China Development Bank

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China Development Bank
Government-owned
IndustryFinance
Founded1994
HeadquartersBeijing, People's Republic of China
Key people
Hu Huaibang, Chairman
ProductsBanking
Increase RMB 10.303 trillion[1] (2015)
Number of employees
3,500 personnel[1]
Websitewww.cdb.com.cn

The China Development Bank (CDB) (simplified Chinese: 国家开发银行; traditional Chinese: 國家開發銀行; pinyin: Guójiā Kāifā Yínháng) is a financial institution in the People's Republic of China (PRC), led by a cabinet minister at the Governor level, under the direct jurisdiction of the State Council. As one of three policy banks in China, it is responsible for raising funds for large-scale infrastructure projects, including the Three Gorges Dam and the Shanghai Pudong International Airport. Established by the Policy Banks Law of 1994, the bank is described as the engine that powers the national government’s economic development policies.[2][3]

Debts issued by the China Development Bank are owned by local banks and treated as risk-free assets under the proposed People's Republic of China capital adequacy rules (i.e. the same treatment as PRC government bonds). The bank is the second-largest bond issuer in China after the Ministry of Finance. In 2009, it accounted for about a quarter of the country’s yuan bonds and is the biggest foreign-currency lender.[3]

History[edit]

The China Development Bank Tower in Shanghai.

The China Development Bank[4] (CDB) was established in March 1994 to provide development-oriented financing for high-priority government projects. It is under the direct jurisdiction of the State Council and the People's Central Government. At present, it has 35 branches across the country and one representative office. The bank provides financing for national projects such as infrastructure development, basic industries, energy, and transportation.[5]

The main objective as a state financial institution is to support the macroeconomic policies of the central government and to support national economic development and strategic structural changes in the economy.[6]

In the last decade, CDB has issued 1.6 trillion yuan in loans to more than 4,000 projects involving infrastructure, communications, transportation, and basic industries. The investments are spread along the Yellow River, and both south and north of the Yangtze River. CDB has been increasingly focusing on developing the western and northwestern provinces in China. This could help reduce the growing economic disparity in the western provinces, and it has the potential to revitalize the old industrial bases of northeast China.[7]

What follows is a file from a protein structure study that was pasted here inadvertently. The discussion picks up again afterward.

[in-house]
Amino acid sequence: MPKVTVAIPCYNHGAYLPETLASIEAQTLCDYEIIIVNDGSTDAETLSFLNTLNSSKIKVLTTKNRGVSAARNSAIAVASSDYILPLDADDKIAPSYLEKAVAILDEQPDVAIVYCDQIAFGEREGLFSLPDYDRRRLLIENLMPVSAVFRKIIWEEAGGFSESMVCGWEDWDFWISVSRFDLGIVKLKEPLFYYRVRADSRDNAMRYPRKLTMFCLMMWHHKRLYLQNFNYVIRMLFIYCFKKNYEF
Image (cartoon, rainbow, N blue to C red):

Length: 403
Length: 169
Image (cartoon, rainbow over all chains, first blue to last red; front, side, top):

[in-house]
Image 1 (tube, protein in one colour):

Since 1997, CDB has reduced bad debts, returning to profitability under Governor Chen Yuan. Chen was formerly the executive deputy governor of the PRC's central bank, The People's Bank of China. International financial standards and better practices were introduced under his leadership.

CDB plays a major role in alleviating infrastructure and energy bottlenecks in the Chinese economy. In 2003, CDB made loan arrangements for, or evaluated and underwrote, a total of 460 national debt projects and issued 246.8 billion yuan in loans. This accounted for 41% of its total investment. CDB's loans to the "bottleneck" investments that the government prioritizes amounted to 91% of its total loan count. It also issued a total of 357.5 billion yuan in loans to western areas and more than 174.2 billion yuan to old industrial bases in Northeast China. These loans substantially increased the economic growth and structural readjustments of the Chinese economy.[8]

At the end of 2004, the bank's total credit assets were RMB 1,378.6 billion, with a current principal and interest recovery ratio of 99.77%, after 20 consecutive quarters of world-class performance. The bank's non-performing loan ratio stood at 1.21%, a decrease of 0.13 percentage points year over year. The coverage ratio of its risk reserves against non-performing loans was 285%, and its capital adequacy ratio reached 10.51%. During 2004, the bank made a profit of about US$2 billion.[9]

In 2005 and 2006, CDB successfully issued two pilot Asset-Backed Securities[10] (ABS) products in the domestic China market. Along with other ABS products issued by China Construction Bank, CDB has created a foundation for a promising debt capital and structured finance market.[11][12]